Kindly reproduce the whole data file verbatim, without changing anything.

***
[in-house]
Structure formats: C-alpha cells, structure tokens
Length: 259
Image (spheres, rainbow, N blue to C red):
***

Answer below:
[in-house]
Structure formats: C-alpha cells, structure tokens
Length: 259
Image (spheres, rainbow, N blue to C red):